Alumnus Shares Entrepreneurial Experience with Villanova Engineers

 Ed Dougherty ’69 EE, ’86 MSCS
Ed Dougherty ’69 EE, ’86 MSCS

From setting up lemonade stands with his sister to taking home appliances apart and successfully putting them back together, Ed Dougherty ’69 EE, ’86 MSCS discovered his love for exploring new ventures at an early age.  By the time he became a Villanova Engineering student, his curiosity had grown even stronger. Inspired by the ever-changing landscape of technology, Dougherty decided to pursue a career uncovering new technological solutions for everyday problems.

Dougherty’s first job was with Ford Motor Company where, as part of their government services group, he helped design an optical character recognition system for reading envelopes for the U.S. Postal Service. Two years later, he joined the Franklin Institute Research Laboratories, which included contract work for federal programs and corporate clients. There he designed flight simulators for NASA, car simulators for Mercedes Benz, and one of the first real-time, portable chemical detection systems for sniffing out bomb-making facilities, human presence and drugs. One project that he is particularly proud of benefited the National Oceanic and Atmospheric Administration’s wildlife research. Dougherty designed technology that tracked California gray whales via satellite and recorded water temperatures and depths to understand their migratory habits. He was told that his technology collected “more data on whales than in the total of humankind’s history.”

When FIRL was sold in the early 1980s, Dougherty decided the time was right to start his own company. Together with lab colleague George Simmons ’87 MSCS—who now is the College’s Multidisciplinary Lab director—he launched August Design, a name inspired by St. Augustine with a mission of serving the greater good. “We wanted to be a boutique design firm working on projects that would benefit society and that we found fun and technically challenging.”

After years of working on government projects, August Design established a strong reputation that led to a call from CSX, a national railroad freight company. Seeking an alternative to manually unloading cargo from multiple cars at each stop, Dougherty’s team developed programming  using artificial intelligence to efficiently and cost effectively organize the train’s freight. Impressed by his work, CSX invited him to Hong Kong to develop software to address related challenges. His solutions saved the company millions of dollars.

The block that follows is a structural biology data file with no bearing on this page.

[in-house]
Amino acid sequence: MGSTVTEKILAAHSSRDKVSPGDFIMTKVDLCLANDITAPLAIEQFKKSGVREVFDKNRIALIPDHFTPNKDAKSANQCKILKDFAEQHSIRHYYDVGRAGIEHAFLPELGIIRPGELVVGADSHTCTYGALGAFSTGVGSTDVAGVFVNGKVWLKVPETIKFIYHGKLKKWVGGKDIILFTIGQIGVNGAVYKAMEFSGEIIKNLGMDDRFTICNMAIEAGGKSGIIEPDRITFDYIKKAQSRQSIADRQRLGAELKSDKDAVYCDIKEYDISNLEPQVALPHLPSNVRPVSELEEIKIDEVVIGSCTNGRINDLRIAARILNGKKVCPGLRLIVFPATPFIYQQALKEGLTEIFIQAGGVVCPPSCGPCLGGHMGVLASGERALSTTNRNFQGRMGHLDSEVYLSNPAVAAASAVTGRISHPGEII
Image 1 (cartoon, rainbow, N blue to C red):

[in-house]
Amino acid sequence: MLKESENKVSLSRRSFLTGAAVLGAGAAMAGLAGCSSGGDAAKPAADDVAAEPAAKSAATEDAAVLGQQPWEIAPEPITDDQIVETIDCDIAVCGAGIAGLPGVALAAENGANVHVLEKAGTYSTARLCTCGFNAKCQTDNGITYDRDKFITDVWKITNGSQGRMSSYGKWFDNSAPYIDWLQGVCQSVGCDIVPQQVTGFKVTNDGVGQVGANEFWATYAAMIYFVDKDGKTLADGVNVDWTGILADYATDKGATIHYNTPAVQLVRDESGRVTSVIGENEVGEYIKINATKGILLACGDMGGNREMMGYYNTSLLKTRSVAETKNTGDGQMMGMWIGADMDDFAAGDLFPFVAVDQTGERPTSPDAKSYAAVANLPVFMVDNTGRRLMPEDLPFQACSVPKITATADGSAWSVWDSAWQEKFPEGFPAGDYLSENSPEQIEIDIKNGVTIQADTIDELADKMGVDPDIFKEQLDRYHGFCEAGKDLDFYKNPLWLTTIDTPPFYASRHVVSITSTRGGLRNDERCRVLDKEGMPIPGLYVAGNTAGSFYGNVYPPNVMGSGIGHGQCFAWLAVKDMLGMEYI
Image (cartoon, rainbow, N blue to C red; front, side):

Out of hundreds of projects, Dougherty’s most recognized work is the design of Garrett Brown’s award-winning invention Skycam. Skycam is a computer-controlled, stabilized, cable-suspended camera system used by ESPN, ABC and the NFL. As a result of its success, Dougherty and Simmons built Wavecam, a smaller aerial robotic camera system intended for indoor use.  It is used by a number of universities, including Villanova.

August Design developed several other sports-related technologies over the years, but the product Dougherty is most proud of is an award-winning, child-safety-focused smoke detector, which enables parents to create a custom-voice recording providing children with detailed instructions for what to do in the event of a fire. The product was sold nationwide.

After selling August Design in 2001, Dougherty reached out to his alma mater and asked how he could share his passion for creativity and innovation. A conversation with leadership led to the College incorporating entrepreneurial material into coursework, first through senior design projects and then through a collaboration with the Villanova School of Business. In 2007, Villanova received funding to develop an Engineering Entrepreneurship program. Since then, with Dougherty at the helm, the College has developed a minor and graduate certificate, and has embedded entrepreneurial minded learning in more than 30 engineering courses.

When he’s not teaching, Dougherty continues to work on a variety of unique and exciting projects, three of which currently are in the pipeline. His role at Villanova allows him to continually explore new technologies and project ideas with students. He says, “I never want to stop learning; it’s my hobby. Honestly, I can’t believe I get paid to have fun doing what I love!”